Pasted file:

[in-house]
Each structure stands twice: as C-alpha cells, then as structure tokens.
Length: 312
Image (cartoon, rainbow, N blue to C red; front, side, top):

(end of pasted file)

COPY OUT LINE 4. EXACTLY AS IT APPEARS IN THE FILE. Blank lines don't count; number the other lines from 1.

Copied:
Image (cartoon, rainbow, N blue to C red; front, side, top):